Kevarim of Missing Yemenite Children Could Be Opened for Examination

Jewish Yemenite children recite a tefillah during an atzeres in memory of late Yemenite Rabbi Yihya Yitzhak Halevi, in Petach Tikvah. (Yaakov Cohen/Flash90)

The Knesset has passed on its first reading a law that would allow for the disinterment of children of the Yemenite community in order to determine their true identities. The law, proposed by MK Nurit Koren, was approved by a vote of 34 in favor, with none opposed.

The bill’s objective, said Koren, was to arrive at the truth behind the stories of kidnappings and medical experiments that members of the Yemenite community have long charged the state with being involved in in its early days. In some cases, members of the community claimed that the graves that their children were said to occupy were empty, with the hospitals their children allegedly died in either giving them over for adoption by families in Israel or abroad, or using them in various medical experiments and then disposing of their remains.

The law will cover at least 69 graves of children that the committee on the missing children that Koren heads were unable to find any information on.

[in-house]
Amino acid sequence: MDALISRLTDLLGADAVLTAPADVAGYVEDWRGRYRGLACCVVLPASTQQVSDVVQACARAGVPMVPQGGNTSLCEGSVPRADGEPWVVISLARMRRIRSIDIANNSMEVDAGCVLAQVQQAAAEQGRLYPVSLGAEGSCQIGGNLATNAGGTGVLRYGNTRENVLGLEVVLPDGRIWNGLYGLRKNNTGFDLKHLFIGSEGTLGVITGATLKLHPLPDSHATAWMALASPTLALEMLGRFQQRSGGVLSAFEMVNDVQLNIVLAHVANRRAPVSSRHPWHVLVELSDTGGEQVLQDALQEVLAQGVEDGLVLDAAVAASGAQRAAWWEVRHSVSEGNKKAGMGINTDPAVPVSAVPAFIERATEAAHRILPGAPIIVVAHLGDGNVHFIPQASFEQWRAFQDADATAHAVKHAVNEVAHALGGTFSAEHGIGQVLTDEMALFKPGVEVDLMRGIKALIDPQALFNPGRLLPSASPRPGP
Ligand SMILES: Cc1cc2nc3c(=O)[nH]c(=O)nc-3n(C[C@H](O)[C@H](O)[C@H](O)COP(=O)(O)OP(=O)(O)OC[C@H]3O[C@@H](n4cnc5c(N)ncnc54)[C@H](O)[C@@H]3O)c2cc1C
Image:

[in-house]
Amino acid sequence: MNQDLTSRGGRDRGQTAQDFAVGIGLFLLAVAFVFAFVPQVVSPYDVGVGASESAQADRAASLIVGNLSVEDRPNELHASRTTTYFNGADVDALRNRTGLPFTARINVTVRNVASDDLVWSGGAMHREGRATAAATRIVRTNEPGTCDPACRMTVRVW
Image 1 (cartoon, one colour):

The state last December opened secret state protocols on cases of missing Yemenite children, with testimonies before various Knesset committees on hundreds of children who went missing in the early days of the state. Some of those testimonies contain lurid descriptions of medical experiments and forced kidnappings.

According to various conspiracy theories over the years, the missing Yemenite children – an exact number has never been determined, but previous investigations have uncovered at least 1,060 cases, with as many as 3,430 files said to exist – the children were either farmed out to Ashkenazic families who could not have their own children, experimented on at hospitals, or even shipped to the United States for use as subjects in tests that measured the effects of radiation.

The scandal of the missing Yemenite children goes back to the early days of the state. In hundreds and even thousands of documented cases, Yemenite women who had given birth in state hospitals were told that their children had died in childbirth. The bodies were never recovered, however, leading many people to suspect that their babies had not died, but had been kidnapped. Some parents claimed that they attempted to disinter the remains of their children to have them reburied at family plots, but were either told that the location of the graves had been “lost,” or that their child had been buried in a mass grave and that it would be impossible to track down their child’s remains.

Governments throughout the years have either ignored or denied the allegations, claiming that the children died because of polio and other childhood diseases rife during the 1950s. At least four investigative committees have discussed the matter, but all ended their work without drawing specific conclusions.

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